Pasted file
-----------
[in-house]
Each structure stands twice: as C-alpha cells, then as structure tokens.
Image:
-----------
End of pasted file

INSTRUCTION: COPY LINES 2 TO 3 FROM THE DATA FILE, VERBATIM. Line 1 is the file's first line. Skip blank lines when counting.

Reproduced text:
Each structure stands twice: as C-alpha cells, then as structure tokens.
Image: